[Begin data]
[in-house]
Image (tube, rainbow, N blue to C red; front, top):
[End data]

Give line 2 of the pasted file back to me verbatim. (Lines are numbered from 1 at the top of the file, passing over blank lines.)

Image (tube, rainbow, N blue to C red; front, top):